Rowing Team Grows, Competes

Men’s single and women’s double sit on the water

Eliza MacKnight, Staff Reporter


As the spring sun melts the ice of winter off the reservoir, the AHS rowing team heads down to the boathouse to begin their season.

Formed two years ago, the team has quickly built up the program, almost doubling in size each year.

“We had six people our first year, last year we had 12 and now we’re up to 20,” senior Hannah MacKnight said. “We have lots of seniors, all the way through freshman, so it’s not concentrated mainly on one grade. And we’re pretty balanced boys and girls; when we first started there were only two girls so it’s pretty exciting.”

“It makes me happy to see so many people begin to love getting on the water, breaking PR’s, and taking part in the sport I love,” junior David Braatz said.

The team technically rows for Rivanna Rowing Club, but includes nine boys and eleven girls from the AHS district, plus a coxswain that practices with the team several days a week.

“[Coxing] is much different than being an actual rower,” junior Katy Creighton said. “Coxswains don’t need to know as much about the technical side, instead they need to know how to maneuver boats effectively and be attentive to what is happening in and around the boat.”

Creighton became involved in coxing as soon as she found out about the rowing program.

“I talked to the coach and was welcomed on the team over the summer,” Creighton said.

“The first full year of our history we were rowing with Western out at Beaver Creek Reservoir, and then last year in 2014 [when the team began to grow], we moved our operations to Rivanna Rowing Club, which is UVa’s boathouse,” head coach Cathy Coffman said.

They practice five to six days a week and race several quads, doubles, and single boats in regattas at Occoquan Reservoir on the weekends. Last year, the men’s quad won states and a women’s double won third at nationals.

“It takes a lot of mental stamina for a race piece because you’re basically sprinting for six minutes, so you really have to focus on your goal,”  junior Lydia Eisenberg said. “Also, competitiveness. You see another boat next to you, and you want to beat them. And if you don’t have that drive, you won’t be able to win a race.”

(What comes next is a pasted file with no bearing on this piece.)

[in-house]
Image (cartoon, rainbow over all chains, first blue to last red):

The technique needed to row seems simple and repetitive, yet is next to impossible to master. Contrary to popular belief, it involves all parts of the body, focusing mainly on the legs, but including the back, core, and arms as well, creating a physically invigorating challenge. It also takes a certain mindset to be able to get through a race or workout without stopping.

“Being a rower requires dedication, passion, pain tolerance, and a desire to win,” Braatz said. “You also need to be a good listener, because our coaching staff is the best in the state and our key to winning regattas.”

“It takes a lot of drive. You have to be willing to come out every day and push yourself through things you could never imagine pushing yourself through before. And physically, it’s a lot of work, but it’s completely worth it,” MacKnight said.

A typical practice for the team includes cardio, weight lifting, and rowing on the reservoir.

“We warm up by running hills and doing arm pulls. Then we get on the water for about an hour and a half, and after we get off we do a little more running or lifting, depending on the day,” Coffman said.

In the winter months, the team trains indoors on erg machines, and focuses heavily on form and technique.

“It’s more long distance, like we’ll do 20 minute pieces and 5ks in the offseason. We train pretty much everyday,” Eisenberg said.

Although the season is already in full swing, there is always an opportunity to try out for the team next year.

“Get in shape now, do Rivanna’s “Learn to Row” program this summer, so when you come out next year, you’ll at least know the basics and have a little bit of skill because it’s a lot to learn really quickly,” Coffman said.

“You should give it a shot, even if you think it looks easy, or if you think it’s really hard; it’s a little bit of both, but it’s really fun so it makes up for it,” MacKnight said. “It builds you up mentally, physically, emotionally, and you meet a lot of new people. There are so many benefits.”